Quidditch, the sport of boarding school wizards riding broomsticks in “Harry Potter,” will become “Quadball” for humans who play the game in real life, its major organizations announced on Tuesday.
The groups cited financial obstacles imposed by Warner Bros., the producer of the film series, owning the Quidditch brand, as well as a wish to “distance themselves” from JK Rowling, the author of the books, and that that they called him “anti-trans positions”, referring to his controversial statements on gender identity made in recent years.
“It’s a bold move, and for me personally there’s definitely some nostalgia for the original name,” Alex Benepe, who helped found the real sport in 2005, said in a statement. “But from a long-term development perspective, I’m convinced it’s a smart move for the future that will allow the sport to grow without limits.”
The road to the decision began in December, when US Quidditch and Major League Quidditch – the youth and professional wings of the sport – announced their intention to choose and file a new name. Their statement emphasized “sponsorship and broadcast opportunities” that were missed due to licensing issues.
In a 2017 interview with The Quidditch Post, a sports news site, Benepe praised Warner Bros. for being “remarkably permissive” in allowing a league to operate and sell tickets under the name.
He added, however, that Warner Bros. had banned the sale of merchandise using the word “Quidditch” and that the sport had been forced to sacrifice important business opportunities. Mr Benepe argued at the time – before the latest political controversy with Ms Rowling – for a name change.
“I love Harry Potter and always will, but if our sport needs Harry Potter to survive he must not be so great – and I think that’s great and I think our players too” , did he declare.
Nonetheless, on Tuesday the International Quidditch Association, the sport’s highest governing body, cited Ms Rowling’s “anti-trans stances” as the main reason for changing the sport’s name.
“We’ve tried to be clear that those are the two reasons,” Jack McGovern, a spokesman for USA Quidditch and Major League Quidditch, said in an interview. “We did not intend to make a value judgment on which reason was more important than the other.”
Quidditch matches frequently appeared as scenes in the Harry Potter books and films. The real-life version of it includes many elements from Mrs. Rowling’s game imagination: driving broomsticks, throwing balls through hoops, and having to evade bludgers and eventually catch the Golden Snitch. In real life, a bludger is a rubber dodgeball, rather than a flying iron ball, and the snitch is a tennis ball attached to a person, as in flag football.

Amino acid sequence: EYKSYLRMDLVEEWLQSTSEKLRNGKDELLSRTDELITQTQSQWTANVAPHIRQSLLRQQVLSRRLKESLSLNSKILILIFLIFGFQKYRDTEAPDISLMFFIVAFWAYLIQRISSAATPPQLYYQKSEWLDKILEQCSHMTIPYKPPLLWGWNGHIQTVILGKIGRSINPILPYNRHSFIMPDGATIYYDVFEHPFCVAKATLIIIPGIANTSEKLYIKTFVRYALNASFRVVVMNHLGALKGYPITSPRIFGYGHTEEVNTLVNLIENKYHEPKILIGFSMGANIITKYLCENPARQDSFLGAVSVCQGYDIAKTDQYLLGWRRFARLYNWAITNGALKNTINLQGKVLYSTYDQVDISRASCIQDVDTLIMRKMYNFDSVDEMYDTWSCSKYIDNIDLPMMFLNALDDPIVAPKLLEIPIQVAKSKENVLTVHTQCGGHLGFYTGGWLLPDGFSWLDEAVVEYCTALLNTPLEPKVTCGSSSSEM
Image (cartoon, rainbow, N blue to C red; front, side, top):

Thousands of people play the game in more than 40 countries, according to the International Quidditch Association.
After her comments on transgender issues on Twitter gained widespread attention, Ms Rowling published an essay in 2020 which raised concerns about “pushing to erode the legal definition of sex and replace it with gender” and increasing gender transition among young people.
Many transgender rights advocates called Ms Rowling’s comments transphobic, and some fans struggled to reconcile their love of ‘Harry Potter’ with their objections to her views. Rowling’s representatives at the Blair Partnership said there would be no comment on the decision, but said the various Quidditch leagues were never endorsed or authorized by her.
“Quadball”, according to the International Quidditch Association, refers to the number of positions in the sport (a keeper, a hunter, a beater and a seeker) and the number of balls (two bludgers, a quaffle and the snitch). gold).
Mr McGovern said Quidditch’s association with Ms Rowling had become an obstacle to recruiting new players, and he said he was unsure how much the sport’s official bodies would refer to ‘Harry Potter’ at the future.
His first exposure to real Quidditch, he said, came in 2010 while he was in college. He persuaded one of his relatives to drive him from Philadelphia to New York to see a Quidditch World Cup. He said he was struck by the “energy, life and forward momentum” of the game, and was a “fan of dark sports more generally”.
Almost afterward, he added, “I had read ‘Harry Potter’ at the time.” When asked to what extent his love of books motivated his early interest in the sport, Mr. McGovern replied: “It’s hard. I don’t want to say more now.